Anonymous asked:

what does upg stand for?

unverified personal gnosis! that is, personal beliefs or impressions of deities or myth that inform your personal practice or worship. you may also see spg, for shared personal gnosis (when several people find their upg coincide), or vpg, for verified personal gnosis (when new information comes to light that makes your upg a canonical part of the mythology).

pumpkinskull replied to your post “So, I am intrested in worshipping Aenghus and I was wondering if you have any information about him. Alternatively, do you have information on queernesss in celtic mythology?”

question. why not romans meet gaelic celts. they were in the anglia. i confuse

the romans did meet the gaels, but the particular commentary i was referring to was largely written by romans who encountered the gaulish celts in the continental regions closer to home (one such commentator was julius caesar. i’m fairly sure he didn’t spend much time up in england). and of course the greeks never made it as far north as the gaelic countries, at least not in any kind of organized fashion.

it’s also worth noting that none of the gaelic cultures actually lived in england, though they were on adjacent islands and nearby territories. the welsh and cornish celts fall under brythonic. the romans did spend some time intermingling with the scots (enough to build hadrian’s wall, after they decided the scots were too much trouble to bother conquering) but there was never a roman presence in ireland and as far as i know their manx presence was also somewhat limited.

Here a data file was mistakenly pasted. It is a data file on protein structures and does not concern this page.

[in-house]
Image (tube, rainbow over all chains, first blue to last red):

i’m a bit sketchy on the details of this part, though—i’d wager thewanderingcelt and elfofthereach would know more about roman contact than i.

Anonymous asked:

So, I am intrested in worshipping Aenghus and I was wondering if you have any information about him. Alternatively, do you have information on queernesss in celtic mythology?

óengus óg appears most prominently in two stories—the wooing of étain, and the dream of óengus. both texts can be found on the celtic literature collective, and there is also a page about óengus himself, which includes mentions of some of his other less prominent appearances. in terms of getting to know him, i would most strongly recommend the dream of óengus, as it is of course centred on him and provides a fair bit of insight into his character. i’m not a devotee myself but i am quite fond of him, largely based on that story.

as for queerness in celtic mythology, evidence is somewhat more circumstantial. greek and roman commentators attribute homosexual activity to the celtic warriors they encountered (these would have been gauls, but i see no particular reason this wouldn’t likewise apply to the brythonic or gaelic celts). this was common of warrior cultures at the time, including greek and roman culture—men were often away from their wives or other women for extended periods of time, and warrior bands involved close, even intimate relationships between members—but what is notable about the commentary on the celts is that even the greeks and romans seemed to think they were unaccountably enthusiastic about the matter.

there are also a few tantalizing hints that there was more in the way of overt homosexual behaviour attested in irish mythology, but that it was expunged or edited out by the christian monks who created the manuscripts. in multiple stories (tales of the elders of ireland springs to mind) male warriors share beds and keep company with each other. male poets called ollamh wrote praise poems about their kings, referring to them in romantic language, being affectionate with them in public, and even sharing their beds.